What’s a tennis grip?
A tennis grip is essentially how you hold your tennis racquet. The way you do so will have an impact on your different shots during a game.
There are many different types of grips: western, continental, and eastern. This article is specifically about the eastern forehand grip. This grip is normally used by offensive players wanting to land aggressive shots.
This grip is especially good when it comes to hitting flat and powerful shots. It is rather widely used, but it’s not as popular as it used to be. This grip gained momentum in the 1920s as it is one of the easiest to learn and apply.
Today, we dive into the eastern forehand grip specifics, its pros and cons, its applications and of course, how to properly apply this grip.
Eastern Forehand Grip History
Also called the handshake grip for obvious reasons, this grip has notoriously been used by players wanting to give more power than spin to their forehands. The base stance when using this kind of grip allows you to hit the tennis ball with more force without breaking a sweat.
According to the New York Times, Bill Tilden was widely known for inventing the Eastern grip in the 1920s. In the 1970s, Bjorn Borg revolutionized the Eastern forehand grip by using it even more aggressively by hitting the ball harder than his opponents. Most people started to argue that he was using a slightly different grip, yet that was not the case. The only difference resided purely in his tennis technique and skills.
How Do You Hold An Eastern Forehand Grip?
To execute forehands with the Eastern grip, place the base-knuckle of your index finger on bevel 3 and close your hand on the racquet handle. For first time players, this grip should feel really comfortable and quite natural. This grip is the simplest to learn, especially for beginners, since it gives you more options and flexibility.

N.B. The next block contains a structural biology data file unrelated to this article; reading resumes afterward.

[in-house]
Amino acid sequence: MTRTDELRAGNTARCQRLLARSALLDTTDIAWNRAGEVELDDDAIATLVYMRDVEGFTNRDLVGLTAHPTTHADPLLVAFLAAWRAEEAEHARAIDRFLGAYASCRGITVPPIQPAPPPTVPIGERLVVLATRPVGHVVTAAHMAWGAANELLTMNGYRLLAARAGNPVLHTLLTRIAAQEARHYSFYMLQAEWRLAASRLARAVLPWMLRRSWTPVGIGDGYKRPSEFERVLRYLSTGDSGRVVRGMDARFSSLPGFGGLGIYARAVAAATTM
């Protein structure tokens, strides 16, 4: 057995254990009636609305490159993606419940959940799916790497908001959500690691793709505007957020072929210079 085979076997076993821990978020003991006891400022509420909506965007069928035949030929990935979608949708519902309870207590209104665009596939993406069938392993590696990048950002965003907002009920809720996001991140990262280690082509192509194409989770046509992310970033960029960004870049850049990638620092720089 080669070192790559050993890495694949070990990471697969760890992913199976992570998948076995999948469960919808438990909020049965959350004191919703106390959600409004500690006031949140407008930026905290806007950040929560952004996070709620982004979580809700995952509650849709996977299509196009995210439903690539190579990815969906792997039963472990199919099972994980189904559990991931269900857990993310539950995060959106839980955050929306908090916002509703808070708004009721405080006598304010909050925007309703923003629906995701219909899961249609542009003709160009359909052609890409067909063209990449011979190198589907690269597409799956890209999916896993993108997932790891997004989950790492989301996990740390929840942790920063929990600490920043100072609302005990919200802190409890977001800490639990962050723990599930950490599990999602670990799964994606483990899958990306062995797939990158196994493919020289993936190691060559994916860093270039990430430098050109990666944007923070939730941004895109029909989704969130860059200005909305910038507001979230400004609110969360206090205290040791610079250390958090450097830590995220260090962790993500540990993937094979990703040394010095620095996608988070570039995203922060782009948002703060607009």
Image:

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Benefits Of The Eastern Forehand Grip
As we begin to learn how to hit the ball, this grip allows beginners to easily and consistently hit quality shots. The eastern grip also comes out without practice since it comes naturally as the eastern forehand grip. It is also the best for changing between various grips, and one can easily transition to other grips. The Eastern forehand grip allows for rough play since this gives the player a chance to hit the ball at a lower surface forcing the other players to bring it back to higher grounds.
It also comes in handy when the player wants to hit the ball hard, at a higher hight since it’s a comfortable grip. It’s also one of the best, especially for players who like to play around their backhand and hit hard shots. This grip is suitable on any tennis court, even when playing on slow surfaces such as clay.
Another strong case in favor of the eastern forehand grip is that it gives you the ability to hit the ball at different height levels which in turn gives you a bit more security and room for mistakes.
This technique is great if you are confident and want to push your advantage.
Drawbacks Of The Eastern Grip
The eastern forehand grip also has some drawbacks. First, it isn’t ideal for topspin shots. If you have a tendency to hit the ball in a topspin fashion, I would advise you to hold a western grip.
If your opponent is a great defender, the lack of shot variation provided by the eastern grip can be a big disadvantage. You will want to switch things up and hit more topspins to catch him/her off-guard.
Another drawback to using this particular grip is that it is less forgiving for players with poor footwork. Hitting high balls will be a bit more difficult and will require a bit more getting used to.
Getting to learn the correct grip and being able to apply it to each shot in a game is what separates the good from the great. Nevertheless, the eastern forehand grip remains one of the most commonly used ones in modern tennis.
Of course, players have different preferences. Certain players will feel much more comfortable using the eastern forehand grip, while others would prefer the advantages that come with using the semi-western, western, or continental. All of these have their own benefits and drawbacks. Some pro players like Roger Federer still uses the eastern forehand grip, but switches to different grips depending on the type of shots he wants to take or the height of the tennis ball.
Believe me though, if the greatest tennis player of all time uses the eastern grip on his forehand, you probably should too!